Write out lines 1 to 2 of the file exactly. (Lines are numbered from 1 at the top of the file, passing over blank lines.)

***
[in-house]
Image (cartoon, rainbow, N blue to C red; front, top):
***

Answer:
[in-house]
Image (cartoon, rainbow, N blue to C red; front, top):